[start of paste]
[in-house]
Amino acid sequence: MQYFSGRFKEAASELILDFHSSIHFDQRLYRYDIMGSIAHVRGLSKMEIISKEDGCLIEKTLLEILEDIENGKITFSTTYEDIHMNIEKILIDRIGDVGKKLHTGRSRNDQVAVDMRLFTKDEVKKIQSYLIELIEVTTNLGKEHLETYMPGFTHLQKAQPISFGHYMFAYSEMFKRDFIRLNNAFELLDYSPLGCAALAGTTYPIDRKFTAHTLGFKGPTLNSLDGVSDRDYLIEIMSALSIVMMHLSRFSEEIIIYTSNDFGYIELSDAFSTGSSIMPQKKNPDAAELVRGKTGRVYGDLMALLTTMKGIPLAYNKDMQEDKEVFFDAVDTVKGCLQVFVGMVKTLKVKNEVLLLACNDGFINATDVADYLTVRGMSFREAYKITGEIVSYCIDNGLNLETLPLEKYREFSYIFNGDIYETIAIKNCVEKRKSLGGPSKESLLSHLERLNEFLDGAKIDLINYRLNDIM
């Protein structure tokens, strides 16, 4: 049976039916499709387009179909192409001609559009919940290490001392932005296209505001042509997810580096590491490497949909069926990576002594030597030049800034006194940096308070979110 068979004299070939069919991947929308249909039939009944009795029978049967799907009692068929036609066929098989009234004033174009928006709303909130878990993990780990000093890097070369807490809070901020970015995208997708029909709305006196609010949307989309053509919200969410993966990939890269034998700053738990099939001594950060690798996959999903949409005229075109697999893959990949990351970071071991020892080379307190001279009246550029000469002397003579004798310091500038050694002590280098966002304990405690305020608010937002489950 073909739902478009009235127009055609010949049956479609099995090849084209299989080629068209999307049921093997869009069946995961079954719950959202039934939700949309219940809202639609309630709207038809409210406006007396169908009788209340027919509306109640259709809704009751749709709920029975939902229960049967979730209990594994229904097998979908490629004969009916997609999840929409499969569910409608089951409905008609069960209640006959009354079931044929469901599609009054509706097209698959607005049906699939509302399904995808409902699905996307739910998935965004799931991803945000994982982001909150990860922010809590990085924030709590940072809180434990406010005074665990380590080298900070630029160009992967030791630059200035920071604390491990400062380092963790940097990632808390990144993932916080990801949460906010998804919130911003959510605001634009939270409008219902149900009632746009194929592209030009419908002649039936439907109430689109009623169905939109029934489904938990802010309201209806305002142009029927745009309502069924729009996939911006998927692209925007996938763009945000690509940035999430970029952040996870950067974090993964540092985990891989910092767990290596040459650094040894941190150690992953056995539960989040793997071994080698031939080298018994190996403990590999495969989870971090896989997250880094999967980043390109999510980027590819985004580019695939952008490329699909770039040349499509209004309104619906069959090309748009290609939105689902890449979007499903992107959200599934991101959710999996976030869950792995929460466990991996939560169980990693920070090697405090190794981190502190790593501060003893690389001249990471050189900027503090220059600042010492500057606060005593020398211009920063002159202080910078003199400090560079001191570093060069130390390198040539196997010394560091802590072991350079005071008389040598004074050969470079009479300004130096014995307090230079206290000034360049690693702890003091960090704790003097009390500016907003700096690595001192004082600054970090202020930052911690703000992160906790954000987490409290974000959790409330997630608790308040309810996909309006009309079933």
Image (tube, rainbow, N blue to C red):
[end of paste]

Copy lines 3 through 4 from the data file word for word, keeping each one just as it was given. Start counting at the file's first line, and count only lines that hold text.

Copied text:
């Protein structure tokens, strides 16, 4: 049976039916499709387009179909192409001609559009919940290490001392932005296209505001042509997810580096590491490497949909069926990576002594030597030049800034006194940096308070979110 068979004299070939069919991947929308249909039939009944009795029978049967799907009692068929036609066929098989009234004033174009928006709303909130878990993990780990000093890097070369807490809070901020970015995208997708029909709305006196609010949307989309053509919200969410993966990939890269034998700053738990099939001594950060690798996959999903949409005229075109697999893959990949990351970071071991020892080379307190001279009246550029000469002397003579004798310091500038050694002590280098966002304990405690305020608010937002489950 073909739902478009009235127009055609010949049956479609099995090849084209299989080629068209999307049921093997869009069946995961079954719950959202039934939700949309219940809202639609309630709207038809409210406006007396169908009788209340027919509306109640259709809704009751749709709920029975939902229960049967979730209990594994229904097998979908490629004969009916997609999840929409499969569910409608089951409905008609069960209640006959009354079931044929469901599609009054509706097209698959607005049906699939509302399904995808409902699905996307739910998935965004799931991803945000994982982001909150990860922010809590990085924030709590940072809180434990406010005074665990380590080298900070630029160009992967030791630059200035920071604390491990400062380092963790940097990632808390990144993932916080990801949460906010998804919130911003959510605001634009939270409008219902149900009632746009194929592209030009419908002649039936439907109430689109009623169905939109029934489904938990802010309201209806305002142009029927745009309502069924729009996939911006998927692209925007996938763009945000690509940035999430970029952040996870950067974090993964540092985990891989910092767990290596040459650094040894941190150690992953056995539960989040793997071994080698031939080298018994190996403990590999495969989870971090896989997250880094999967980043390109999510980027590819985004580019695939952008490329699909770039040349499509209004309104619906069959090309748009290609939105689902890449979007499903992107959200599934991101959710999996976030869950792995929460466990991996939560169980990693920070090697405090190794981190502190790593501060003893690389001249990471050189900027503090220059600042010492500057606060005593020398211009920063002159202080910078003199400090560079001191570093060069130390390198040539196997010394560091802590072991350079005071008389040598004074050969470079009479300004130096014995307090230079206290000034360049690693702890003091960090704790003097009390500016907003700096690595001192004082600054970090202020930052911690703000992160906790954000987490409290974000959790409330997630608790308040309810996909309006009309079933």
Image (tube, rainbow, N blue to C red):